The 2022 Triton Series Madrid has seen multiple high-stakes events held over the past week conclude with seven-figure paydays going to the champion. The largest top prize yet at the high roller poker festival was awarded on Sunday, May 22, when Henrik Hecklen topped a field of 93 entries in the €100,000 buy-in no-limit hold’em main event to take home €2,170,509 ($2,279,034 USD) after striking a heads-up deal with Orpen Kisacikoglu.
This was the 31-year-old Danish poker pro’s largest tournament score yet, topping the $1,284,260 he earned as the runner-up in the 2019 PokerStars Caribbean Adventure $100,0000 buy-in high roller. He now has more than $7 million in lifetime earnings to his name.
In addition to the title and the money, Hecklen was also awarded 1,080 Card Player Player of the Year points for the win. This was his first qualified score of the year, but it alone was enough to move him into 116th place in the 2022 POY race, which is sponsored by Global Poker.
This event ran over the course of three days, with just nine contenders advancing to the final day. Four more players made the money but were eliminated late on day 2 prior to the final table being set. Sirzat Hissou and Brian Kamphorst both earned $195,300 USD as the 13th and 12th-place finishers, while Chris Brewer and Linus Loeliger took home $210,000 USD for finishing 11th and 10th, respectively.
Hecklen came into the final day in fourth chip position. World Series of Poker bracelet winner Sam Greenwood was ultimately the first player eliminated. He got all-in with pocket kings leading the pocket eights of Kevin Paque, who started the day atop the leaderboard. Paque spiked a set on the turn to win the hand and send Greenwood home in ninth place ($273,525 USD). He now has more than $24.6 million in recorded earnings, the second-most of any Canadian player behind only Daniel Negreanu ($45.2 million).
Eight-handed play continued for more than two hours. Alfred Decarolis, who started the day on the shortest stack, had rebuilt considerably before losing crucial all-in with A-K falling to the A-10 of Patrik Antonius to fall back to the bottom of the chip counts. He got the last of it in with a small-blind shove. His 9-6 suited was called by the A-9 of Bruno Volkmann in the big blind. Both players made a pair on the flop, but Volkmann’s ace kicker played in the end. Decarolis earned $361,200 as the eighth-place finisher.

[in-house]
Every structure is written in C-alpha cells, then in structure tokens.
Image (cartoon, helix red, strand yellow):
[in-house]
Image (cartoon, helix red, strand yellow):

Despite earning that knockout, Volkmann was the next to be sent to the rail. He lost a big all-in with A-Q against the pocket tens of Sam Grafton to plummet down the leaderboard. He got his last big blind in minutes later and was unable to come from behind, placing seventh for $462,525 USD.
A classic preflop race spelled the end of Patrik Antonius’ tournament. The Finnish high-stakes star called all-in with pocket sevens and found himself up against the A-10 of Aleksejs Ponakovs. A ten-high runout resulted in Antonius heading home with $585,900 USD for his sixth-place finish. He increased his lifetime tournament earnings to more than $12.3 million with the score.
Hecklen doubled up through Sam Grafton to overtake the chip lead, with his pocket kings holding against pocket threes for the poker pro from the UK. Grafton ended up getting all-in for the last time in this event when he shoved for just shy of 22 big blinds with pocket fives from the button. Kisacikoglu picked up pocket aces in the small blind and called. The superior pair held up and Grafton was eliminated in fifth place ($751,800 USD).
Prior to Grafton’s elimination, Aleksejs Ponakovs had lost a big pot with a turned flush against the aces full of Kisacikoglu to fall below ten big blinds. Ponakovs got the last of his stack in with 7-4 suited. His small-blind shove for less than six blinds was called by Hecklen, who had Q-9 in the big blind. Hecklen flopped a pair of queens and held from there to narrow the field to three. Ponakovs earned $932,400 USD for his fourth-place showing.
Kevin Paque’s final hand saw him three-bet shove for 15 big blinds with A-5. He ran into the A-J suited of Hecklen, who was the initial raiser. Hecklen made the nut flush on the river to scoop the pot and take the chip lead heading into heads-up play with Kisacikoglu.
Hecklen began with 12,625,000 to Kisacikoglu’s 10,625,000. The pair struck a deal that re-arranged the remaining prize money, with $2,195,034 USD locked up for Hecklen while Kisacikoglu secured $2,117,316 USD. The pair left the title, the trophy, the rankings points, and $84,000 USD to play for. The final battle didn’t last very long, though, with all of the chips getting in right away when Kisacikoglu limp-reraised all-in with 44. Hecklen had been dealt KK and made the quick call. The A108Q6 runout saw Hecklen secure the win, while Kisacikoglu went home with the career-best payday he had negotiated. He increased his lifetime earnings to nearly $9 million with the score.
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Photo credist: Joe Giron / Triton Poker.